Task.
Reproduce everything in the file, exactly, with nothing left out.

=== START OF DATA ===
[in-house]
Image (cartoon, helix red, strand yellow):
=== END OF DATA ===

[in-house]
Image (cartoon, helix red, strand yellow):